41. Missing first positive number
Title Source: leetcode https://leetcodecn.com/problems/firstmissingpositive
subject
To give you an unsorted integer array, please find the smallest positive integer that does not appear in it.
Example 1:
Input: [1,2,0]
Output: 3
Example 2:
Input: [3,4,  1,1]
Output: 2
Example 3:
Input: [7,8,9,11,12]
Output: 1
Tips:
 The time complexity of your algorithm should be o (n), and only constant level extra space can be used.
Thinking of solving problems
Idea: Exchange
Because the topic requires that [the time complexity of the algorithm should be o (n), and only constant level extra space can be used].
If there is no such restriction, you can use the hash table method:
 The array elements are stored in the hash table and traversed from the beginning to determine whether they are in the hash table (but the time complexity of this method is O (n), but the space complexity is O (n), which does not meet the premise)
But after careful examination, you will find that the array given by the title is not sorted. Then, if the given array is restored, the missing positive number can be found by traversing.
In a given array, the integer we need to find must fall in the interval [1, N + 1] (n represents the length of the array). But n + 1 is not required, because when the number of N faces is not satisfied, the requirement is naturally n + 1.
Let’s look at example 2
Input: [3,4,  1,1]
Output: 2
In this example, we recover it, and the array is like this: [1, – 1, 3, 4], so we can find that the missing number in the array is 2.
Now the question is how to recover. The general idea is as follows: put 1 in the position with index 0, 2 in the position with index 1, and so on.
That is to say, let the current traversal element be a, that is, a = nums [i]. If a falls in [1, n], according to the above idea, then a should fall in the index of [1, n]a1
The location of the car. At this time, exchangenums[i]
andnums[a1]
Then a will be in the right place. However, if the element after the exchange position is still in the range of [1, n], it needs to continue the exchange operation until a no longer falls in [1, n]. The specific process is shown in the figure below:
Here we need to pay attention to prevent falling into a dead cycle. If a is already in the right position, the above method will always be exchanged. So note here that when the element appears in the correct position, it doesn’t need to swap and skip, just go to the next element.
The specific code implementation is as follows.
code implementation
class Solution:
def firstMissingPositive(self, nums: List[int]) > int:
length = len(nums)
for i in range(length):
#Here, judge whether the element falls in [1, n], judge whether it falls in the correct position
#Note: to prevent entering the dead cycle, when the element just falls in the correct position, skip directly to judge the next element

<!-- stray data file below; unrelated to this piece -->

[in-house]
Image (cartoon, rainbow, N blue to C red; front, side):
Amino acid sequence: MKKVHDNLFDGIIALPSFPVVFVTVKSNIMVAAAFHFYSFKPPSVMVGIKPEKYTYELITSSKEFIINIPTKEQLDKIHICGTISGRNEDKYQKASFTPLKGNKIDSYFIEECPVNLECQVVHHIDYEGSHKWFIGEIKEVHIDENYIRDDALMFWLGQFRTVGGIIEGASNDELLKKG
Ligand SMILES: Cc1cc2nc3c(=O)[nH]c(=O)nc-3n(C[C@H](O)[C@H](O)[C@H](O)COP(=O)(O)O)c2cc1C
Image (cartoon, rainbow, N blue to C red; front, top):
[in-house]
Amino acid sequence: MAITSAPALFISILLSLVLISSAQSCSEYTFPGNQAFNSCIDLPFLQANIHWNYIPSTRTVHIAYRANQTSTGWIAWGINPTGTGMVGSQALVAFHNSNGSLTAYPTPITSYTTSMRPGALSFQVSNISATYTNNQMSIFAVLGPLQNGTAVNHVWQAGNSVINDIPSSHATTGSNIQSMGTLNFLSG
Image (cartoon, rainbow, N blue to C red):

while 1 <= nums[i] <= length and nums[i] != nums[nums[i]  1]:
#Exchange
nums[nums[i]  1], nums[i] = nums[i], nums[nums[i]  1]
#After restoring the elements of the array to the correct position,
#Again traversal, when an element is not in the correct position, is to find the first missing positive number, directly return
for i in range(length):
if nums[i] != i + 1:
return i + 1
#If the elements are all in the right place, then what is missing is n + 1 (length + 1)
return length + 1
Implementation results
summary
 Because the given array is not sorted, and we know that the required missing positive number, then restore the array to the correct position, then when traversing, we will know which positive number is not in the correct position, that is, the missing positive number
 According to the meaning of the question, we know that the positive number to be found must fall in the interval [1, N + 1] (n represents the length of the array). But n + 1 is not required, because if the front is in the correct position, then the missing is n + 1.

How to recover:
 According to the above, the general idea is: 1 should fall in the position of index 0, 2 should fall in the position of index 1, and so on.
 Suppose that the current element is a (let a = nums [i], which is easier to understand). If a falls in the interval [1, n], then a should fall in the position of index A1. Then the exchange position, that is, nums [A1] and a exchange (substituting a = nums [i], that is, nums [nums [i] – 1] and nums [i]), after exchange, a may still fall in [1, n] until a is no longer in this interval.
 Here’s a note: don’t fall into a dead cycle. The above premise is that a falls in the [1, n] interval. To put a in the correct position, the following is the place to pay attention to. If a falls in the correct position, the exchange will continue indefinitely. So, when a is in the right place, skip and traverse the next element.
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